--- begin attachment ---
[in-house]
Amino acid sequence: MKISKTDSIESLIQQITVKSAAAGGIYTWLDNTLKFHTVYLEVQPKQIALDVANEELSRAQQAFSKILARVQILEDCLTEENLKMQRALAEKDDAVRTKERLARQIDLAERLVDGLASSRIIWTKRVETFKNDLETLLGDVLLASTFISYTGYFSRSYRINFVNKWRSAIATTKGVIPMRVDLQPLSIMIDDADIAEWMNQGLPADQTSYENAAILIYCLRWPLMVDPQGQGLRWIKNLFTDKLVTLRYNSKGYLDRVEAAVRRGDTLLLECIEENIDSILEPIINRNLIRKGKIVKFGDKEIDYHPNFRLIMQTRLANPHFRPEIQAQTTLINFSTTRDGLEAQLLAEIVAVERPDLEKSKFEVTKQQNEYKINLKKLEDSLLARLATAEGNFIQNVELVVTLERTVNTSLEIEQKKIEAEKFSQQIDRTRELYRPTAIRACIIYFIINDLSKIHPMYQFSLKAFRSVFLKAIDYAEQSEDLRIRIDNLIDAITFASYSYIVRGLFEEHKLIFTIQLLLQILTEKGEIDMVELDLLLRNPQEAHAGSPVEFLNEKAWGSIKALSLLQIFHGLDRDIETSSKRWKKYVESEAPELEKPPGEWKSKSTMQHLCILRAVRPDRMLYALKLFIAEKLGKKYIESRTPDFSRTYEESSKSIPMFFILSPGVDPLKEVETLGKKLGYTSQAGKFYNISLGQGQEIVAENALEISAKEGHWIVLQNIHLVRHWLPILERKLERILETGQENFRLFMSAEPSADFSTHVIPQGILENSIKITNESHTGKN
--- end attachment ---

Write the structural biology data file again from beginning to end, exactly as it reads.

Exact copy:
[in-house]
Amino acid sequence: MKISKTDSIESLIQQITVKSAAAGGIYTWLDNTLKFHTVYLEVQPKQIALDVANEELSRAQQAFSKILARVQILEDCLTEENLKMQRALAEKDDAVRTKERLARQIDLAERLVDGLASSRIIWTKRVETFKNDLETLLGDVLLASTFISYTGYFSRSYRINFVNKWRSAIATTKGVIPMRVDLQPLSIMIDDADIAEWMNQGLPADQTSYENAAILIYCLRWPLMVDPQGQGLRWIKNLFTDKLVTLRYNSKGYLDRVEAAVRRGDTLLLECIEENIDSILEPIINRNLIRKGKIVKFGDKEIDYHPNFRLIMQTRLANPHFRPEIQAQTTLINFSTTRDGLEAQLLAEIVAVERPDLEKSKFEVTKQQNEYKINLKKLEDSLLARLATAEGNFIQNVELVVTLERTVNTSLEIEQKKIEAEKFSQQIDRTRELYRPTAIRACIIYFIINDLSKIHPMYQFSLKAFRSVFLKAIDYAEQSEDLRIRIDNLIDAITFASYSYIVRGLFEEHKLIFTIQLLLQILTEKGEIDMVELDLLLRNPQEAHAGSPVEFLNEKAWGSIKALSLLQIFHGLDRDIETSSKRWKKYVESEAPELEKPPGEWKSKSTMQHLCILRAVRPDRMLYALKLFIAEKLGKKYIESRTPDFSRTYEESSKSIPMFFILSPGVDPLKEVETLGKKLGYTSQAGKFYNISLGQGQEIVAENALEISAKEGHWIVLQNIHLVRHWLPILERKLERILETGQENFRLFMSAEPSADFSTHVIPQGILENSIKITNESHTGKN